A week before the start of the Democratic National Convention, its chairwoman, U.S. Rep. Debbie Wasserman Schultz, strolled into the arena — of the opposing party’s presidential convention.
Heads turned. What’s she doing here, mouthed incredulous Republicans at the Quicken Loans Arena in Cleveland.
But Wasserman Schultz, persona non grata at the GOP, wasn’t engaging in covert political ops. She was being escorted into one of CNN’s makeshift studios to do what she does best: aggressively deliver the Democratic Party line.
“We should never let Donald Trump anywhere near the White House,” she said in another CNN appearance later in the week.
Consider it a warm-up for the Democratic convention, which begins Monday in Philadelphia and which will mark the culmination of more than a year’s work for the Weston congresswoman.
For Hillary Clinton, the presumptive presidential nominee, the convention will feel like a coronation. For Wasserman Schultz, the target of devotees of Clinton rival Bernie Sanders, it will probably feel much different. The woman tasked with holding the national party together is one of the reasons some of them feel divided.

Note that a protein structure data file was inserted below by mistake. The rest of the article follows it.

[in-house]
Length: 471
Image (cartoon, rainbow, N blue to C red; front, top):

On Friday, the WikiLeaks website published a trove of more than 19,000 Democratic National Committee emails that detail the party’s rancorous relationship with Sanders’ campaign. Last month, Wasserman Schultz acknowledged a “serious” email breach, that people knowledgeable about the incident blamed on Russian hackers.
UPDATE: CNN reports Wasserman Schultz won't deliver a convention speech -- unlike her Republican counterpart Reince Priebus last week -- "to keep the peace" among delegates in the wake of the email leak.